Judges xi. 34: "And Jephthah came to Mizpeh unto his house, and, behold, his daughter came out to meet him with timbrels and with dances." This dancing was an expression of joy and rejoicing on meeting her father, and no regular dance for pleasure, or amusement. Yet the judgment of God was upon the poor damsel. There is nothing in the case to encourage dancing for pleasure.
1 Samuel xxx. 16, 17: "And when be bad brought him down, behold, they were spread upon all the earth, eating and drinking, and dancing, because of all the great spoil that they had taken out of the land of the Philistines, and out of the land of Judah. And David smote them from the twilight even. to the evening of the next day: and there escaped not a man of them, save four hundred young men who rode upon camels, and fled." This was no religious dancing, nor religious exercise, but regular reveling. They were eating, drinking and dancing--carousing. In the midst of it their fates were upon them. Destruction came and swept them. away. Certainly no dancer, or apologist for dancing, will attempt to find any support for any of the kinds of dancing practiced in our day in this Scripture. The dancing was in bad company, and soon followed by terrible retribution.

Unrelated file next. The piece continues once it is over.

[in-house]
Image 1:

Job xxi. 11-20: "They send forth their little ones like a flock, and their children dance. They take timbrel and harp, and rejoice at the sound of the organ. They spend their days in wealth, and in a moment go down to the grave. Therefore they say to God, Depart from us; for we desire not the knowledge of thy ways. What is the Almighty, that we should serve him? Lo, their good is not in their hand: the counsel of the wicked is far from me. How oft is the candle of the wicked put out! and how oft destruction cometh upon them! God distributeth sorrow in his anger. They are as stubble before the wind, and as chaff that the storm carrieth away. God layeth up his iniquity for his children: he rewardeth him, and he shall know it. His eyes shall see his destruction, and he shall drink of the wrath of the Almighty."